Mr Hyde hides himself away in a hotel and call upon the help of Dr Lanyon, who observes the transformation of Mr Hyde to Jekyll. Dr Lanyon describes the transformation “A cry followed; he reeled, stagger, clutched at table and held on… I had sprung to my feet and leaper back against the wall” this vivid description of both the transformation and the sheer shock and fear felt by Dr Lanyon shows the existence of Mr Hyde has caused to the society to result in madness as it is against the norms of society. In comparison, madness in the Tell-tale Heart does not affect the society but is only visible in the persona’s mind.
Following the deed, the police arrived because of an alarm alerted by the neighbours from a suspicious shriek. Guilty of the deeds, the persona decides to act and convince the police he is innocent. Then the persona suddenly hears a repetitive low “beating” sound, which slowly increases. “I gasped for breathand yet the officers heard it not. I talked more quickly-more vehemently; but the noise steadily increate. I arose and argued”. Here, the tense imagery through the use of the frequent use of adjectives “gasped”, “talked”, “arose”, “argued” is used to mirror the turmoil within the persona’ head.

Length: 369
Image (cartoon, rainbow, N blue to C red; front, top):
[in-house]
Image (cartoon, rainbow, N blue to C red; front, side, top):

Adding to the persona’s madness, the officers “chattered pleasantly” and do not hear the heartbeat, evidently it is present only within the wild imagination of the persona. In Dr Jekyll and Mr Hyde madness is physically manifests and is undesirable in society as seen by the reaction of Mr Utterson and Mr Lanyon. In contrast in Tell-tale Heart madness is only present in the mentality of the persona; nonetheless madness is seen as undesirable in both texts. Both text highlight madness aspires from a spark of fascination in the character.